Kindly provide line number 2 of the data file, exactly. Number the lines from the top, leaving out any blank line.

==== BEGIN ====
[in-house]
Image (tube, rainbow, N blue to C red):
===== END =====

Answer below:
Image (tube, rainbow, N blue to C red):